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While (still) in a mortgage slump, what are some feasible alternative ways of homeownership?

News of home subsidy is on the downslope The Impending Doom of the 30-Year Mortgage, some alternatives are to borrow against your whole-life policy and borrow against your IRA 4 Alternatives to a traditional mortgage.

From what I'm hearing that many retirees may outlive their nest egg and that we shouldn't dip into our retirement (especially if the financing could swallow up the nest egg).

There are two more alternatives, like negotiating straight with the seller (but most sellers are not going to take this risk), and rent to own (this area can get really snakey since there's a long time between renting and owning at the actual owner's discretion)

Do you know of other alternatives that are feasible (less snakey and risky) that can be understood by the every day person?

Please add solutions that are feasible to everyone (non-military civilians alike).


Asked by Anonymous at 9:07 AM on Mar. 29, 2011 in Money & Work

This question is closed.
Answers (6)
  • I am a Realtor here in Ca. There are many city programs for those who do not make a lot of money. In our city it is under 45K. The city assists you in buying you home by giving you a down payment. There are many loan programs out there that can assist you with as little as 3% down. Check with a lender in your city to see what programs are available. Additionally now is the time to buy, prices are very low which makes home ownership more obtainable.

    Answer by voni681 at 11:50 AM on Mar. 30, 2011

  • We saved and put down 20 percent and bought a house within our means. Our first home was tiny but we paid it off quickly and made a few improvements and sold it. We took that and put it down on a nicer larger home. We paid that mortgage down and saved the 10 years we were in the house. We sold it and paid cash for our very large home we are in now. Took us 14 years to get in our dream home but over time we got there. We have never had cable or a TV. We don't eat out because I am an excellent cook we are savers not spenders makes it much easier to pay a house off with that mindset.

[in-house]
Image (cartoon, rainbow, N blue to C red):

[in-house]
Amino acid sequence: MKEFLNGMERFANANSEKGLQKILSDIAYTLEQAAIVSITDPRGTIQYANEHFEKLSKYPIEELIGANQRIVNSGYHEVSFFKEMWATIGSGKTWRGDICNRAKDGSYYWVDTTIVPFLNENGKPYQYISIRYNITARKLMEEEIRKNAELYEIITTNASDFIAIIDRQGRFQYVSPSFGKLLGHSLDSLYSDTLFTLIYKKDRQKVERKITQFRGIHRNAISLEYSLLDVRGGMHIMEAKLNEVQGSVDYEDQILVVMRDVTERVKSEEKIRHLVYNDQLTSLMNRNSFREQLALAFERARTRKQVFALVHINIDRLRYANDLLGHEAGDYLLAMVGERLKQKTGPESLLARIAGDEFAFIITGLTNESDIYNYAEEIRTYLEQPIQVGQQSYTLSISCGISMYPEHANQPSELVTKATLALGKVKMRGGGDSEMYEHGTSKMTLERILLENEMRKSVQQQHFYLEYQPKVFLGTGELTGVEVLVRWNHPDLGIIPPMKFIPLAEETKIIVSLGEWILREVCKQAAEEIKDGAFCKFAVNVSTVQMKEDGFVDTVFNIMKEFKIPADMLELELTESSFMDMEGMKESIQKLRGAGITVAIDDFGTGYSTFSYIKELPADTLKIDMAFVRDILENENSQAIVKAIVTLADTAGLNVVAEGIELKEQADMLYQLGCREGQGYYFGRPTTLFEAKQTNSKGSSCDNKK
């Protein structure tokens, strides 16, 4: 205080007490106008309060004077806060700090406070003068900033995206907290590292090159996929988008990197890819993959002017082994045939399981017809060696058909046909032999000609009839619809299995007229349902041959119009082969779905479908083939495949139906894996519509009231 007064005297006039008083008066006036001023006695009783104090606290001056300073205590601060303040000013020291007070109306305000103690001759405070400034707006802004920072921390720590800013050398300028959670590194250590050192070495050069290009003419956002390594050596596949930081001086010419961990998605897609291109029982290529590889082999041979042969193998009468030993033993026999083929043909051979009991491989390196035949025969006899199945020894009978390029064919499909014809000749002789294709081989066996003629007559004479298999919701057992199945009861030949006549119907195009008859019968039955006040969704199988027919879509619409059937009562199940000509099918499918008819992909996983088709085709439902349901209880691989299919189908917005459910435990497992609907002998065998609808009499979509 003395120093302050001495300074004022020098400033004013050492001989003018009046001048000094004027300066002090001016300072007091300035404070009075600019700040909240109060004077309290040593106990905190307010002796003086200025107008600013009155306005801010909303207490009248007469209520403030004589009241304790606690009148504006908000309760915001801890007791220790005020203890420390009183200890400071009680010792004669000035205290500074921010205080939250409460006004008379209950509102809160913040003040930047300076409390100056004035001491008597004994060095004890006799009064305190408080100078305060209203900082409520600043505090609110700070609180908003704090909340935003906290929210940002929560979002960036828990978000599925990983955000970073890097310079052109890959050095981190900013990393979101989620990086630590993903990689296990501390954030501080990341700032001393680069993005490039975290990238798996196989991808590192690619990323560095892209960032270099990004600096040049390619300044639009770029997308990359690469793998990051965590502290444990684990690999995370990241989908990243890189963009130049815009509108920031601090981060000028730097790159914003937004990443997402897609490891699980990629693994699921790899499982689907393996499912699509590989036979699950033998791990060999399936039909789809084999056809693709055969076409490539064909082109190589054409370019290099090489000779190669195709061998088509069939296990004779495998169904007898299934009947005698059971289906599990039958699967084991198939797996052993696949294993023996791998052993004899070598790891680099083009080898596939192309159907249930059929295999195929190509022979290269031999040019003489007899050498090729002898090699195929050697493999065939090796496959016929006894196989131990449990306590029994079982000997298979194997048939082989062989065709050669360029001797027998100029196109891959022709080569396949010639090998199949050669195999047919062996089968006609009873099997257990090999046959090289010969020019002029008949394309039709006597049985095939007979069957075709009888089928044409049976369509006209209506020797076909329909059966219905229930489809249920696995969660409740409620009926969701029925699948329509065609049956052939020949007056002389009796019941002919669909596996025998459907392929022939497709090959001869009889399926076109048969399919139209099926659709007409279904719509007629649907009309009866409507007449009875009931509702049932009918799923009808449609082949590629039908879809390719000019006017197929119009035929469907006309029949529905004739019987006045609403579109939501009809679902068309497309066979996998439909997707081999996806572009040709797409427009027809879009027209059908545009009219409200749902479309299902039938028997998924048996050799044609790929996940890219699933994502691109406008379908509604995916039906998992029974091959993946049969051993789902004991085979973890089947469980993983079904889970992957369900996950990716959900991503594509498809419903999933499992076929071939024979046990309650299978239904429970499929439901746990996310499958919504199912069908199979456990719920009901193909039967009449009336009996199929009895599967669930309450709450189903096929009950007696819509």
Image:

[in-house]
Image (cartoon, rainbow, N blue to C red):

Answer by Anonymous at 10:01 AM on Mar. 29, 2011

  • I'll address the rent to own..even though you discarded it...first...just because some see it as feasible. This is a bad idea all the way around. If the actual owner has a mortgage on the home and defaults you are screwed..sure you can sue..but if there is a default there probably is no money to get. There can be a problem if the actual owner dies..if there is a will giving the property to someone may be screwed. If the home is part of a may get screwed. IMO..there are too many ways for this to go wrong.

    As a former banker my advice is to save then buy. If you have 15-20% down, a job history longer than 2-3 yrs, very little debt and good credit you can buy a home. You may throw up your hands and say that is impossible. Not it isn' is a matter of resolve and responsiblity. If you cannot meet these simple and achievable goals you probably should not own.

    Answer by yourspecialkid at 10:02 AM on Mar. 29, 2011

  • You should NEVER raid your long term retirement savings to buy a home...NEVER.

    Answer by yourspecialkid at 10:02 AM on Mar. 29, 2011

  • If you are military you can use the VA loan and not have a down payment..I don't advise this though..unless you purchase a home much cheaper than you can afford. There are vets/mili members all over the place that are upside down on their homes right now.

    Answer by yourspecialkid at 10:04 AM on Mar. 29, 2011

  • I'm really wanting to address civilians, due to the uncertainty of the recession. I really need an answer that fits everyone.

    I really wish that the military would except single moms. Single moms are the true heroes, and would definitely be much more productive than some of those Army soldiers IMO.

    Comment by Anonymous (original poster) at 5:56 PM on Mar. 29, 2011